SCJS hosts largest Latin American Jewish Studies Association conference yet
Posted: July 15, 2013
Attendees mingle at the reception for LAJSA's XVI International Research Conference. Photo by Loli Kantor.
The 16th International Research Conference of the Latin American Jewish Studies Association, hosted June 9–11 by the Schusterman Center for Jewish Studies, drew more than 100 persons from the U.S., Canada, Israel, Mexico, the Caribbean, South America, and Europe to The University of Texas at Austin, making it LAJSA’s largest conference yet.
Seventy-five participants presented their scholarly work on 25 panels over the course of the three-day gathering, which had been two years in the making. Other conference events included two tours of the university’s Latin American Jewish Studies resources, a catered reception with live music by local singer Yemima Kantor, and an open mic night, during which authors had the opportunity to read aloud from their own creative works. (View the full conference program here.) The Glickman Conference Center in the new College of Liberal Arts Building proved to be an especially welcoming and attractive venue for the sessions and reception.
Kantor, a local singer, performed an eclectic set with her band at the reception, including traditional Jewish Ladino songs, other Jewish folk music, and contemporary material.
Besides LAJSA members who had travelled to attend the conference, many representatives of the university and Austin public attended, including UT faculty, SCJS staff, graduate and undergraduate students, and members of the Austin Jewish community. SCJS Director Robert H. Abzug called the conference “one of the high points of the center’s six-year history."
“The camaraderie of its participants as well as the quality and variety of their work was a model of what academic get-togethers can be all about,” Dr. Abzug said.
Indeed, institutional and citywide support proved to be one of the conference’s most outstanding elements. SCJS Associate Director Naomi Lindstrom, who spearheaded efforts to host the conference, called the university and public’s participation “unusual and impressive.”
“It was particularly gratifying to me to experience the support that the XVI LAJSA conference enjoyed from the university and the fast-growing Austin Jewish community,” Dr. Lindstrom said.
In particular, Dr. Abzug was present throughout the entirety of the conference, and Richard Flores, Associate Dean for Academic Affairs, welcomed participants to the university in both English and Spanish. Bryan Edward Stone (Del Mar College), a frequent visiting professor at UT, gave the keynote address, “Texas Jews: History, Heritage, and Myth,” which attracted a number of community members as well as academics.
Additionally, many departments, academic units, and centers offered their support, from co-sponsors like the Teresa Lozano Long Institute for Latin American Studies and the Departments of Spanish & Portuguese, History, and Religious Studies, and the Program in Comparative Literature to the research facilities that offered tours. Conference attendees were invited to tour the rich Jewish Studies resources at both the Benson Latin American Collection and the Harry Ransom Center; many participants cited a look at Isaac Bashevis Singer's collection in the HRC—which includes his famous Yiddish typewriter—as a conference highlight.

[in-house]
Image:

Dr. Lindstrom also said she was “thrilled” to see the range in age of participants. LAJSA Founding President Judith Laikin Elkin arrived for the conference the day after celebrating her 85th birthday, while undergraduate and graduate students alike attended panels and even presented work. LAJSA Co-President and Vice President of Tel Aviv University Raanan Rein called the conference “fascinating” in its diversity.
“Well organized and with a rich program, it brought together researchers from different disciplines and different generations,” Rein wrote. “I was particularly impressed by the strong presence of ‘new faces,’ that is, young scholars who are about to complete their dissertations or have recently done so. Such presence serves as an additional proof of the vitality of our scholarly association and assure the future of LAJSA.”
As the conference drew to a close, many attendees expressed their deep satisfaction with the event, and numerous participants communicated similar sentiments afterward. Shulamit Goldsmit Brindis, Director of the Program in Judaic Culture at the Universidad Iberoamericana (Mexico City), praised the conference’s “high level” and “great feeling of camaraderie,” while Valeria Cababié-Schindler commended UT’s institutional support for Latin American Jewish studies.
“You truly work in a wonderful university,” Cababié-Schindler wrote. “The content of the conference was enriching and I was glad to meet and share ideas with other scholars of Jewish Latin America.”
Adriana M. Brodsky served as Program Chair for the 2013 conference; other program committee members included Sandra McGee Deutsch, Florinda F. Goldberg, Liz Hamui, and Naomi Lindstrom. The next international research conference will take place in 2015 at a location yet to be determined, but a regional conference is planned for the North American spring of 2014 in New York City. LAJSA Co-Presidents Edna Aizenberg and Raanan Rein will circulate a message about future conferences later this year.